Egyptian President Hosni Mubarak spoke with French Prime Minister François Fillon, in which the latter expressed solidarity with Egypt in its battle against terrorism.

The Italian government issued a statement saying that Prime Minister Silvio Berlusconi expressed, on behalf of his government and himself, "their deepest condolences for the victims of the attack".

Saudi Arabia also denounced the bombing. A royal statement read, "The Kingdom strongly condemns this criminal act, which is not accepted by our Islamic religion or approved by international laws and ethics. The Kingdom conveys its sincere condolences to the Egyptian President Mohammed Hosni Mubarak, to the families of the victims, and the Government and people of the brotherly nation of Egypt. The Kingdom also offers its sincere wishes for a speedy recovery for the injured."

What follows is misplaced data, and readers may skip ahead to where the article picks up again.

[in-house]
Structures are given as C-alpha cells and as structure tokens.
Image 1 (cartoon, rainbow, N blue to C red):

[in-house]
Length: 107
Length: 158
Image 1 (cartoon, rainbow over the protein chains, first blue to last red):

Saudi Arabia's Grand Mufti Sheikh Abdel Aziz Bin Abdullah Al al-sheikh said the attacks were carried out by the "enemies of Islam to turn non-Muslims against Muslims". These acts, he continued, "do not serve Islam and have no link to it".

The United Arab Emirates, Qatar and Kuwait each issued statements declaring their strong condemnation of the attack.

The Syrian government condemned the act in a statement. "Syria believes that such terrorist crimes are aimed at national unity and religious pluralism in Egypt and other Arab countries. It stands by the brotherly nation of Egypt in confronting terrorism and combating all who would harm Egyptian national unity," the statement read.